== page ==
Is he a Man or a Mouse?

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Most women love the image of her knight in shining armour. A tall and burly man, broad shoulders and all, who will fall madly in love with her and whisk her off into the sunset on horseback – or in a horse powered German car.

But does she ever imagine that like her, he has moments when in the dead of the night he is confronted by his deepest fear?

Women are constantly reminded of their hang ups. A friend crying on her shoulder over a heart break reminds her of her fear of falling in love. A school bus loaded with chatty children reminds her of her fear of getting ‘knocked up’ at the wrong time, or not at all.

The sight of a police check reminds her that she is afraid of being mugged, car-jacked or raped.  And to whom does she turn in the face of all these fears? Feminist or not – women almost always run to their male knights in shining armour when alarmed.

I grew up on a farm in a time when living amidst vast vegetation was synonymous with frequent break-ins and muggings. So my dad – who was often away – invested heavily in armed guards and dogs (seven to be exact).

When my brother went off to boarding school, I felt like my security blanket had been lifted off of me and locked up in a closet with the key swallowed by a whale. The only thing that could get me to sleep at night, even though I knew we were as secure as a fort, was the sound of my father’s car engine parking in the driveway.

We ladies have been oblivious to the fact that men may not be as brave as we need them to. Just as we are afraid of lizards, spiders and flat tyres men have fears as well. They are just not as vocal about them as we are. And their worries are as varied as ours.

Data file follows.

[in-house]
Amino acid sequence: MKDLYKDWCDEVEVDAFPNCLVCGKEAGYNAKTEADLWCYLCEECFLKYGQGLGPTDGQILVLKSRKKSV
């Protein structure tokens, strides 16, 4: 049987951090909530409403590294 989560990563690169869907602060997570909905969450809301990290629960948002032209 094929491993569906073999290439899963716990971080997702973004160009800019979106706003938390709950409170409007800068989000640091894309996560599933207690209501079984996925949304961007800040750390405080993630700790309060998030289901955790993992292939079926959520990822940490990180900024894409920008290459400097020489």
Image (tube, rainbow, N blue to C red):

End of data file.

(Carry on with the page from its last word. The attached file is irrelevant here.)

The sight of a broken hearted ex-girlfriend could remind them of their fear of not finding the woman of their lives, or marrying the wrong one. Children could affirm their fear of not being able to satisfy their women, of not being a good father, or having their daughters fingers smashed in between a door.  It could be anything really.

This is not to dispute the notion that men will forever and inevitably be our heroes in the face of unending drama. Neither am I insinuating that women shouldn’t be able to call a girlfriend when her car radiator blows. All I ask of the ladies is that we should allow our boys to flinch at the horror movies or show panic once in a while.

We know that the spider inside the medicine cabinet was a tarantula and that’s why you shrieked like a girl. It’s alright to be a little scared once in a while. In fact, there is nothing more heart warming and attractive than a man aware of his terror and the level at which he allows it to dictate his life.

My brother, the ultimate gecko smasher, radiator fixer and bully basher, admitted unashamedly that his biggest trepidation was discovering, that in that moment of clarity as one dies, that you could have done so much more but you didn’t because you held back. Embrace your fears and they will set you free!

 

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